LEDsmagazine.com NOVEMBER/DECEMBER 2015 53
regulations | SAFETY
Although LEDs bring many benefits to the world of general illumination, solid-state lighting (SSL) manufacturers still need to ensure that products present no photobiological hazards to humans.
In the December 2013 edition of LEDs
Magazine, an overview was given of a new
approach to the evaluation of the photobiological safety of light sources intended for
lighting applications ( http://bit.ly/1NW
zvGK). In this article, we will take a wider
view of the IEC TR 62778 document and discuss in depth the challenge of the correct
treatment of extended sources such as LED
arrays and linear LED light engines.
IEC TR 62778, “Application of IEC 62471
for the assessment of blue light hazard to
light sources and luminaires” provides guidance on the evaluation of the retinal blue-light hazard of sources of light intended
for lighting applications. This assessment
is based on determining whether or not a
source presents, at a distance of 200 mm,
a retinal blue-light hazard in excess of risk
group one, as defined by the horizontal photobiological safety standard, IEC 62471. Currently presented as a Technical Report (TR),
it is implemented through new editions of
normative IEC lamp and luminaire safety
standards. At the time of writing, the majority of these updates have been adopted in
Europe by CENELEC as EN standards, and
harmonized to the EU low voltage directive,
While IEC TR 62778 was first published
in 2012, the move away from implementing
IEC 62471 for lighting applications has been
slow, but appears to be gaining momentum.
The complex procedure of evaluating sources
to IEC 62471 will be replaced by a rather simpler approach but with significant complications presented in the treatment of extended
sources. This latter case is, to a certain extent,
addressed by IEC TR 62778 Edition 2: 2014.
A significant motivation in the writing of
this TR document was the reduction of the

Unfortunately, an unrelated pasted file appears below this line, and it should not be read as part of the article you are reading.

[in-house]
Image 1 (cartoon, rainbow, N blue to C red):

measurement burden for luminaire manufacturers. This is achieved in two manners: first, by providing conditions under
which the risk group (RG) classification of
a primary light source may be transferred
to a luminaire; and second, in presenting
a choice of assessment methodologies, two
of which are based on commonly available
data. This TR should therefore be considered
from two distinct points of view: that of the
primary light source (Table 1) and that of the
luminaire (Table 2).
One TR, three assessment techniques
Three techniques are proposed for the
assessment of the blue light hazard, an
overview of which is presented, in order of
required inputs as defined in Table 3.
Method A: A manufacturer can report a
table of illuminance values, as a function of
CCT (≤8000K), below which RG1 will result.
Consulting the table for a source of known
CCT, one can adopt the reported illuminance
value as Ethr (threshold illuminance). This
value may be reported in the datasheet of a
primary light source and converted to dthr
(distance threshold) for a luminaire. Where
the latter process yields dthr ≤200 mm, below
the assessment distance, then RG1 should be
reported. This method includes a safety fac-
tor of t wo and cannot produce a transferable
risk group classification.
Method B: A manufacturer can again
report a table of luminance values, as a func-
Risk group determination characterizes
photobiological safety in LED lighting
Expanding on a prior series of articles focused on the photobiological safety of LED-based lighting,
LESLIE LYONS further details risk group classifications and methodologies that come into play with
extended sources such as LED arrays.
LESLIE LYONS is the technical support
manager of Bentham Instruments Limited, UK
( bentham.co.uk), and a member of BSI and IEC
committees TC 76, Optical Radiation Safety
and Laser Equipment, and the Photobiological
Safety Panel of IEC TC 34/SC 34A - Lamps.
FIG. 1. A white phosphor-converted
LED chip is composed of a single,
small blue LED emitter behind a larger
phosphor layer. The spectral radiance
measurement in an 11-mrad FOV,
centered on the blue chip, will yield
different values of CCT and KB,v to the
total spectral radiant-flux measurement
of the same source.